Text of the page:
YouTube Plays Offense, Funds Study Showing It Cuts Piracy, Doesn’t Cannibalize Paid Services
As the importance of streaming revenue has increased, so has the criticism of YouTube, Once content to stay above the fray, Google's video behemoth is fighting back against those who contend that it pays too little and cannibalizes users from other services that pay out more.
Admitting there is a "lively debate about whether YouTube is bad or good for the music industry," Google's YouTube has financed a study by RBB Economics to prove its worth.
The first results, published yesterday, look at the issue of cannibalization. Does the fact that people listen to music on YouTube mean that they don’t use other sources of music that better reward creators and rightsholders?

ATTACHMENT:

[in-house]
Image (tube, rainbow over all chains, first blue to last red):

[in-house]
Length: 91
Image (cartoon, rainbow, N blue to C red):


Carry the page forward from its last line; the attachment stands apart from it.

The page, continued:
Their study finds that, instead of cannibalizing higher paying services it reduces piracy. 85% of time spent on YouTube would move to lower value channels, concluded the survey, and result in a significant increase in piracy.
The researchers find that significant cannibalisation by YouTube of other legitimate music channels is unlikely, for a few reasons:
Most time spent listening to music on YouTube would be lost or shifted to lower value music channels.
In the absence of YouTube, time spent listening to pirated content would increase by 29%
Blocking music from YouTube does not lead to an increase in streams on other platforms.
The cumulative effect of these findings, says YouTube, is that it has a market expanding effect, not a cannibalising one. In coming weeks, YouTube and RBB will release further papers on other aspects of the digital music world and YouTube’s role in it.
READ THE RBB REPORT HERE (PDF).
NOTE: The study surveyed 6,000 users across Germany, France, Italy and the U.K.